Half of World’s Population Could Be Obese or Overweight by 2035

A new report from the World Obesity Federation has warned that more than half of the world’s population could be overweight or obese by 2035, with childhood obesity levels predicted to more than double. The fifth annual World Obesity Atlas report estimates that 51% of the global population, or more than 4 billion people, will be obese or overweight in 12 years. Low and middle income countries are amongst those with the fastest rising rates, which could quadruple in high-income countries by 2060 and rise 12 to 25 times in lower resource settings.

The report uses body mass index (BMI) as the metric for determining whether someone is overweight or obese, which is calculated by dividing a person's weight in kilograms by their height in meters squared.[0] If one's BMI score is higher than 25, it is classified as overweight. If it is higher than 30, it is categorized as obese. It has been demonstrated that obesity raises the chances of developing cancer, heart disease, and other illnesses.[1]

The economic impact of overweight and obesity is expected to more than double from £1.64trillion in 2020 to £3.35trillion in 2035, with the cost to society estimated to reach $4 trillion annually by 2035, or 3% of global GDP.[2] Professor Louise Baur, President of the World Obesity Federation, said: “This year's Atlas is a clear warning that by failing to address obesity today, we risk serious repercussions in the future. It is particularly worrying to see obesity rates rising fastest among children and adolescents. Governments and policymakers around the world need to do all they can to avoid passing health, social, and economic costs on to the younger generation. That means looking urgently at the systems and root factors that contribute to obesity and actively involving young people in the solutions. If we act together now, we have the opportunity to help billions of people in the future.”[3]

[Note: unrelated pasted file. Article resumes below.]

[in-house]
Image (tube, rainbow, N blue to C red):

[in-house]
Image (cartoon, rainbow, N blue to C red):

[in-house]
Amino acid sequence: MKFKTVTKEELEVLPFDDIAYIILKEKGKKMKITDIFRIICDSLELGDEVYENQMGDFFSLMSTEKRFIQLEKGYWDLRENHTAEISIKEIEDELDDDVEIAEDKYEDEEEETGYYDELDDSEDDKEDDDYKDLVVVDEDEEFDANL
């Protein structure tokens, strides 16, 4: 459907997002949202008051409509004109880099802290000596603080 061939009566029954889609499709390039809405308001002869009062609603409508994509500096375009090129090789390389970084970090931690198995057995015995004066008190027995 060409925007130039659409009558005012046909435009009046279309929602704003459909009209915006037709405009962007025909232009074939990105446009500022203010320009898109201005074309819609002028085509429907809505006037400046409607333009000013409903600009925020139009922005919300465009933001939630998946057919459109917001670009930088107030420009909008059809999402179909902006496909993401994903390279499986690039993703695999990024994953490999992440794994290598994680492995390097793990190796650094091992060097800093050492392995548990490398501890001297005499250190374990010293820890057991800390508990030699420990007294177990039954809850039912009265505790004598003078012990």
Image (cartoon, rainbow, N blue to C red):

The federation's report also highlights that many of the world’s poorest countries are facing the sharpest increases in obesity yet are the least well prepared to confront the disease.[4] It calls for comprehensive national action plans to be developed to prevent and treat obesity and support those affected, and warns that without urgent and co-ordinated action, rates of obesity will continue to rise.[1]

0. “More Than Half the World Will Be Overweight or Obese by 2035” Newsmax, 2 Mar. 2023, https://www.newsmax.com/health/health-news/obesity-overweight-childhood/2023/03/02/id/1110747

1. “More than half of humans on track to be overweight or obese by 2035 – report” The Guardian, 2 Mar. 2023, https://www.theguardian.com/society/2023/mar/02/more-than-half-of-humans-on-track-to-be-overweight-or-obese-by-2035-report

2. “Obesity to Cost $4.25 Trillion by 2035 as Half Global Population Seen Overweight” Bloomberg, 2 Mar. 2023, https://www.bloomberg.com/news/articles/2023-03-02/global-obesity-costs-are-seen-doubling-to-4-27-trillion-by-2035

3. “Global obesity – half planet could be overweight by 2035” just-food.com, 2 Mar. 2023, https://www.just-food.com/news/global-obesity-more-than-half-planet-could-be-overweight-in-next-decade

4. “Child And Adolescent Obesity Rising More Sharply Than In Other Age Groups” Health Policy Watch, 2 Mar. 2023, https://healthpolicy-watch.news/child-and-adolescent-obesity-rising-more-sharply-than-in-other-age-groups

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